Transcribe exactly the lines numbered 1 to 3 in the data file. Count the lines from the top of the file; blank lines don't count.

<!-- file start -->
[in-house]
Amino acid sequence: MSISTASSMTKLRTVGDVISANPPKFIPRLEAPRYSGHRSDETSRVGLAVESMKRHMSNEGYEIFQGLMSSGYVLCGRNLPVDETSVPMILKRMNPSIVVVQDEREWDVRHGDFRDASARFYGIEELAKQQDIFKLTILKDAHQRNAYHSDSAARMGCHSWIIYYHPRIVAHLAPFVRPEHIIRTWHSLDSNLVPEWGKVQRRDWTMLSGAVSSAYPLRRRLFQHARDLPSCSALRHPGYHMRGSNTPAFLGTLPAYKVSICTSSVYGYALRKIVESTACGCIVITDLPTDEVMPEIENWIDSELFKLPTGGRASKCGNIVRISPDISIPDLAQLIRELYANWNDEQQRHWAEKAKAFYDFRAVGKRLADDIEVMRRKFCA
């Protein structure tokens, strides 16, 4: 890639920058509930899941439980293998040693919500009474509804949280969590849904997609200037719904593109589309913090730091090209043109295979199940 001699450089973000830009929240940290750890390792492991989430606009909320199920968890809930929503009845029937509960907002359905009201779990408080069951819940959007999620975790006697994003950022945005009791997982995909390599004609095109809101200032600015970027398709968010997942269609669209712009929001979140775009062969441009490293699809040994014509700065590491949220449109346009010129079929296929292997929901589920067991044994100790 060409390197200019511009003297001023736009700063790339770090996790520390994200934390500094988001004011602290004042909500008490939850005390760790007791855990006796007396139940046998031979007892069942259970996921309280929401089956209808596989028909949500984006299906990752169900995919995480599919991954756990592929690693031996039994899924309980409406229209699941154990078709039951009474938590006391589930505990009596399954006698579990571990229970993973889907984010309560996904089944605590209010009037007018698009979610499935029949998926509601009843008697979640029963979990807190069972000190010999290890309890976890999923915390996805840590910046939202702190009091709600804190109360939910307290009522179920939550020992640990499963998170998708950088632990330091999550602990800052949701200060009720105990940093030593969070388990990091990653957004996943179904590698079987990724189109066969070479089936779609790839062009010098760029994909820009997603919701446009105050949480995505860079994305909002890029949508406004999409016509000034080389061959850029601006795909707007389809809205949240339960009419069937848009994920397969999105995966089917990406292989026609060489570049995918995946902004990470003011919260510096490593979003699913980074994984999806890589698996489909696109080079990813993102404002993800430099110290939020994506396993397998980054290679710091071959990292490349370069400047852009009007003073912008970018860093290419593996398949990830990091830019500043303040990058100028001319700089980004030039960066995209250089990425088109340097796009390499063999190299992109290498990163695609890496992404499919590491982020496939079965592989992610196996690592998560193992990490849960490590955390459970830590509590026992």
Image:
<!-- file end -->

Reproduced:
[in-house]
Amino acid sequence: MSISTASSMTKLRTVGDVISANPPKFIPRLEAPRYSGHRSDETSRVGLAVESMKRHMSNEGYEIFQGLMSSGYVLCGRNLPVDETSVPMILKRMNPSIVVVQDEREWDVRHGDFRDASARFYGIEELAKQQDIFKLTILKDAHQRNAYHSDSAARMGCHSWIIYYHPRIVAHLAPFVRPEHIIRTWHSLDSNLVPEWGKVQRRDWTMLSGAVSSAYPLRRRLFQHARDLPSCSALRHPGYHMRGSNTPAFLGTLPAYKVSICTSSVYGYALRKIVESTACGCIVITDLPTDEVMPEIENWIDSELFKLPTGGRASKCGNIVRISPDISIPDLAQLIRELYANWNDEQQRHWAEKAKAFYDFRAVGKRLADDIEVMRRKFCA
């Protein structure tokens, strides 16, 4: 890639920058509930899941439980293998040693919500009474509804949280969590849904997609200037719904593109589309913090730091090209043109295979199940 001699450089973000830009929240940290750890390792492991989430606009909320199920968890809930929503009845029937509960907002359905009201779990408080069951819940959007999620975790006697994003950022945005009791997982995909390599004609095109809101200032600015970027398709968010997942269609669209712009929001979140775009062969441009490293699809040994014509700065590491949220449109346009010129079929296929292997929901589920067991044994100790 060409390197200019511009003297001023736009700063790339770090996790520390994200934390500094988001004011602290004042909500008490939850005390760790007791855990006796007396139940046998031979007892069942259970996921309280929401089956209808596989028909949500984006299906990752169900995919995480599919991954756990592929690693031996039994899924309980409406229209699941154990078709039951009474938590006391589930505990009596399954006698579990571990229970993973889907984010309560996904089944605590209010009037007018698009979610499935029949998926509601009843008697979640029963979990807190069972000190010999290890309890976890999923915390996805840590910046939202702190009091709600804190109360939910307290009522179920939550020992640990499963998170998708950088632990330091999550602990800052949701200060009720105990940093030593969070388990990091990653957004996943179904590698079987990724189109066969070479089936779609790839062009010098760029994909820009997603919701446009105050949480995505860079994305909002890029949508406004999409016509000034080389061959850029601006795909707007389809809205949240339960009419069937848009994920397969999105995966089917990406292989026609060489570049995918995946902004990470003011919260510096490593979003699913980074994984999806890589698996489909696109080079990813993102404002993800430099110290939020994506396993397998980054290679710091071959990292490349370069400047852009009007003073912008970018860093290419593996398949990830990091830019500043303040990058100028001319700089980004030039960066995209250089990425088109340097796009390499063999190299992109290498990163695609890496992404499919590491982020496939079965592989992610196996690592998560193992990490849960490590955390459970830590509590026992």